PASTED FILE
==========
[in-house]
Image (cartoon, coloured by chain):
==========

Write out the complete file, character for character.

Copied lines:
[in-house]
Image (cartoon, coloured by chain):